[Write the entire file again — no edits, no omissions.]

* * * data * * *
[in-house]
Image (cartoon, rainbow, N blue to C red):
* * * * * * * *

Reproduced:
[in-house]
Image (cartoon, rainbow, N blue to C red):